The impetus for NATO enlargement did not come from a triumphalist Washington. On the contrary, the U.S. initially resisted even the breakup of the Soviet Union. Since 1990, 12 European states have asked to join NATO. They all chose for themselves to belong to this cooperative military alliance. NATO membership was a key part of "locking in" their turbulent democratic reforms.
The scent of nationalism was present in the former-Yugoslavia before Vladimir Putin effectively assumed power in Moscow. Already during the early stages of the conflict in Bosnia & Herzegovina, "BiH" solutions were being fashioned in the hope of, well appeasing is perhaps an appropriate term, those leaders in the region but also Moscow who saw feudal nationalism as the vehicle to replace authoritarian communism.
On a recent visit to Europe I was most struck by the latent and open anti-American sentiments that are contaminating the political elites across the continent. This is especially strange in a year when we commemorate the end of the Cold War.
Bloodshed in Europe and the Middle East against the backdrop of a breakdown in the dialogue between major powers is of enormous concern. The world is on the brink of a new Cold War. Some are even saying that it's already begun.
The end of the Cold War, epitomized by the Berlin Wall destruction, quickly came to be seen by the West as its own triumphant victory and the USSR/Russia's unconditional surrender. Hence Russia was to be treated as a second-rank country, a regional power at best, that was expected to obediently follow whatever directions may have come from Washington and Brussels. The problem was the Russians did not share this view of themselves as a defeated nation obliged to accept the victors' terms.
If people in the U.S. could become knowledgeable and well-educated about the world being shaped in their name, about the lives and hopes being disfigured by U.S. wars and weapons, they might resist pouring crucially needed resources down the rat hole of military spending.
Misreadings of what's taking place on the eastern stretches of Europe contribute to an almost 1946-like sense of foreboding and inevitability.
America does not spend too little on the military. Rather, Washington attempts to do too much with the amount that it spends on the military. America's policy of promiscuous foreign intervention would be foolish even if it was not costly. But it is both.
New Yorkers are in the enviable position that, sooner or later, everyone will come and visit the city. We do not have to travel the world - even though many of us love to do so - to learn about different cultures because the world comes to us.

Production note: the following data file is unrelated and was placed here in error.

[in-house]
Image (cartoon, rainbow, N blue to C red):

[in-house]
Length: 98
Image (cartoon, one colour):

The Swedish Armed Forces were put on high alert this weekend, as there was an apparent intrusion -- not for the first or the last time -- by a Russian submarine into Swedish territorial waters, in the Stockholm Archipelago.
"During basic training, we are weaponized: our souls turned into weapons." Jacob George's suicide last month -- a few days after President Obama anno...
The UN Security Council is the only UN body with real power and may influence positively the course of events when the 15 members agree on a course of action. In 1999 the Council acted swiftly and effectively in ending widespread violence and destruction in my country.
People in Poland are eating apples these days. Lots of apples. Here in Warsaw, they're pressed into your hands at a street festival, or baked into piles of pies and cakes. You see them everywhere. It's an act of defiance.
There was no apology for putting millions of lives in jeopardy, for betraying his country, for involving others, for giving the Soviet Union the very information which according to one NATO general would have "assured the destruction of the West." The only things he cared about was himself and money -- lots of money.
As the world becomes more chaotic, what should the role of the United States be?
There is no practical solution to the Russo-Ukrainian war. The most one can hope for is to "freeze" it and thereby transform hot war into cold war between Russia and Ukraine and between Russia and the West. Cold war may not be the West's optimal solution, but, while inconvenient for everyone, it will be infinitely preferable to a hot war.